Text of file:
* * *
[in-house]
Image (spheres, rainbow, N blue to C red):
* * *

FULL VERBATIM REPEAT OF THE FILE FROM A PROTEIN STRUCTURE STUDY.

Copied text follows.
[in-house]
Image (spheres, rainbow, N blue to C red):